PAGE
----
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Just a pretty phase?

September 13, 2006 By Richard Van Noorden This article courtesy of Nature News.

Solid red oxygen: useless but delightful.

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Scientists have revealed the crystal structure of a dark red form of solid oxygen that forms at immense pressures. The results are surprising, elegant and entirely useless. But the high-pressure techniques used to make the crystal could soon find applications.

As a gas, oxygen molecules (O2) normally float around with only passing attraction to each other. But increasing pressure forces the molecules together, turning oxygen into first a magnetic, pale blue liquid, then a pale blue solid at 54,000 times atmospheric pressure (5.4 GPa).

In 1979, chemists discovered that, at pressures above 10 GPa, oxygen becomes a red solid1. At 96 GPa, oxygen molecules are so close that electrons flow freely between them, in a metallic phase seen in 1990.

How the oxygen molecules arrange themselves in the red solid has been a mystery. Now two teams have revealed the crystal's structure.

Diamonds and butter

Physicist Malcolm McMahon, of the University of Edinburgh, UK, and his colleagues grew a single crystal of solid red oxygen between two diamond anvils. To stop it shattering, the crystal was cushioned in solid helium, which at these pressures would be soft like butter, says co-author Paul Loubeyre, of the French Atomic Energy Commission in Bruyres-le-Chtel. The team then shot X-rays through the crystal to determine its structure2.

Meanwhile, Hiroshi Fujihisa from the National Institute of Advanced Industrial Science and Technology in Tsukuba, Japan, and his colleagues have fired X-rays at red oxygen powder, again crushed between diamonds3. This is easier to make than the crystal form, but harder to analyse.

Both studies gave surprising results. Usually, the chemical bonds in a solid break under high pressure, leaving individual atoms or long chains of molecules. Elements also often behave like heavier members of their group in the periodic table when under pressure, so one might expect pressurised oxygen to group up into eight-membered rings, as sulphur does.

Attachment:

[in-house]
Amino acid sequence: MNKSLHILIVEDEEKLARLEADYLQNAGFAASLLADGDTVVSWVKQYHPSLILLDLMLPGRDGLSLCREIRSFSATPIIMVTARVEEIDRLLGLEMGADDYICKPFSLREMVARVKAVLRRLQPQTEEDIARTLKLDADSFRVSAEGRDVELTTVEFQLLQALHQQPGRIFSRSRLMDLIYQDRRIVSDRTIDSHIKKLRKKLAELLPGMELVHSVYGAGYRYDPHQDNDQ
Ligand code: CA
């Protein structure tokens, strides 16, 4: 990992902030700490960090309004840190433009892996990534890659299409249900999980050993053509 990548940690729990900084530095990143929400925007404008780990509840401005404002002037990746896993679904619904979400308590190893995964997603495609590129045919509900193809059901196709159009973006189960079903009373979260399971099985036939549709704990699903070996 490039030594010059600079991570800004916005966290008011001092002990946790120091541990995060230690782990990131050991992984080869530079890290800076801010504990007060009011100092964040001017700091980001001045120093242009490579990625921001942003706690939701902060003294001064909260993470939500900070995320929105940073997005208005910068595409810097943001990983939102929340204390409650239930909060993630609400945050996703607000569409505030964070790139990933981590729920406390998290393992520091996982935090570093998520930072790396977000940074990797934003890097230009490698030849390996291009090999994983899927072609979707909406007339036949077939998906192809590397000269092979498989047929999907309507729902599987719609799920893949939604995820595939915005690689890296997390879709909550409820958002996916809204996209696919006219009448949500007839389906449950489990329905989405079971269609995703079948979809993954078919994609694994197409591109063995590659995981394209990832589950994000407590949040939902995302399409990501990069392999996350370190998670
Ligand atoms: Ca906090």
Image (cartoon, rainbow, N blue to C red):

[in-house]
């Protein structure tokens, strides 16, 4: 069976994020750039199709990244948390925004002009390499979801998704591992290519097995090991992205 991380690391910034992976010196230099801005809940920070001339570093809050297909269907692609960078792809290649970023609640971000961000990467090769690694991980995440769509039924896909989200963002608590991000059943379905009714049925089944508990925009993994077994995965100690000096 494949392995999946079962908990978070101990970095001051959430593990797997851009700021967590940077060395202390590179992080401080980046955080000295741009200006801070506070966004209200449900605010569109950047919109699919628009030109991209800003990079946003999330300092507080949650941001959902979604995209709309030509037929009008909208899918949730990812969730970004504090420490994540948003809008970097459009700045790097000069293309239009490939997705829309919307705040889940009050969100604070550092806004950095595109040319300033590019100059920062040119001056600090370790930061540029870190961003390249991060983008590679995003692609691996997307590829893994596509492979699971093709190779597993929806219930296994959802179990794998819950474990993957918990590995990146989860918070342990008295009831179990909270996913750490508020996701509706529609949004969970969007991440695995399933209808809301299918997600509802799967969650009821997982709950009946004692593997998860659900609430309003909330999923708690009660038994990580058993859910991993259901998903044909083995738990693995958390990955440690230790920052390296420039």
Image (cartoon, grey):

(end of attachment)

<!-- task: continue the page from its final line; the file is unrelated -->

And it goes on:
Instead, it appears that oxygen gangs up under pressure into groups of four pairs, in a shape like a squashed cube. These clumps of four O2 molecules could also be called a single O8 molecule but they aren't in a ring. The result demands a rethink of theoretical calculations about the behaviour of dense oxygen.

The new structure adds to the molecules O2 (oxygen), O3 (ozone), and O4 (seen at small concentrations in oxygen fluid).

"I'm really happy the structure looks correctly solved," says Roberto Bini, who has worked on high-pressure oxygen phases at the University of Florence, Italy. "You can't imagine how difficult the technology is."

What's the use?

Exciting as it is, solid red oxygen seems, for the moment, useless. It is made in tiny amounts and vaporizes as soon as the pressure lifts. Nor will it be found in nature: despite the high pressures found in places such as inside the Earth, non-gaseous oxygen almost always joins to other elements, as an oxide or in water. "There is no astrophysical or geophysical situation where you would observe these solid phases only in the laboratory," says Loubeyre.

But high-pressure techniques have already been used to create ultrahard materials such as diamond. Other chemicals, such as nitrogen and carbon monoxide, form solid polymers under pressure that store a lot of energy. If similar structures could be retained at atmospheric pressure, they might make excellent rocket fuel, suggests McMahon.

The real prize of high-pressure research, says Loubeyre, is metallic hydrogen, now predicted to be formed at some 450 GPa. That material would have remarkable properties, including exotic superconductivity and superfluidity, and might be found in the core of Jupiter.

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  1. Nicol M., et al. Chem. Phys. Lett., 68. 49 - 52 (1979).
  2. Lundegaard L., et al. Nature, 443. 201 - 204 (2006).
  3. Fujihisa H., et al. Phys. Rev. Lett., 97. 085503 (2006).


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